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Jewish Settlement from the Second Temple Period Uncovered in Beersheva

July 15, 2019
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For the first time, the remains of a Jewish settlement of the Second Temple period have been discovered in Beersheva, revealing evidence of Jewish day-to-day life there. The site, dated from the first century AD until the Bar Kokhba Revolt in AD 135, appears to contain underground hidden passageways used by the Jewish rebels.

According to the excavators, Dr. Peter Fabian of the Ben Gurion University of the Negev and Dr. Daniel Varga of the Israel Antiquities Authority (IAA), “Remains of the settlement cover an area of [approximately] 2 dunams (0.5 acres) and include several structures and installations, such as the foundations of a large watchtower, baking facilities, ancient trash pits and an underground system that was probably used as a Jewish ritual bath (mikveh). Signs of a conflagration discovered in some of the structures evince a crisis that the settlement experienced, probably that of the First Jewish Revolt in [around] AD 70.”

The site is located along the southern border of the ancient kingdom of Judah next to a road that led from Tel Beersheva to the southern coastal plain. The site’s strategic location along the road was probably the reason for the construction of a 10×10-meter (32×32-ft) watchtower, the foundations of which were uncovered in the excavation. The remains of a staircase would have led upward to two upper levels.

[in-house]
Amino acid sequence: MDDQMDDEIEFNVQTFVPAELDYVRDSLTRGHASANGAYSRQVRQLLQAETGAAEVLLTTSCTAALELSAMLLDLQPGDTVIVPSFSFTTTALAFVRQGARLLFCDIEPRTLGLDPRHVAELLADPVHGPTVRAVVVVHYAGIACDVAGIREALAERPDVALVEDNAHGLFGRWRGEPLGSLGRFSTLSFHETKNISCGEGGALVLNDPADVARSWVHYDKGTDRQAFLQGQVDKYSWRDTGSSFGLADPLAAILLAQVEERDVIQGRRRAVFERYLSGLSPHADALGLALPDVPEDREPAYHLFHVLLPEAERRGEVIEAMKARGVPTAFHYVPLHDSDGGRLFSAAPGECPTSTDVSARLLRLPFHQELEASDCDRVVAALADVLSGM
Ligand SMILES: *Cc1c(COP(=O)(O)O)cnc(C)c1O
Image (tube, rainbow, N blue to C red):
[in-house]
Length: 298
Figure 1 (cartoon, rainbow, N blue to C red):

Finds uncovered in the excavation included a sherd of an oil lamp of a type known as a Jewish “southern lamp.” There was great excitement when the sherd was cleaned and its decoration revealed: a nine-branched menorah (candelabra). According to Dr. Fabian and Dr. Varga, “This is probably one of the earliest artistic depictions of a nine-branched menorah yet discovered.” Of the few lamps found depicting a menorah, they are never seven-branched. This was in accordance with a ruling in the Babylonian Talmud stating that only the menorah in the Temple could have seven branches. Thus, lamps used in domestic contexts commonly had 8 to 11 branches.

Dozens of bronze coins discovered at the site belong to the period of Roman provincial rule, minted in Ashkelon and other cities throughout the Roman Empire.

Source: Excerpts from an article by the IAA

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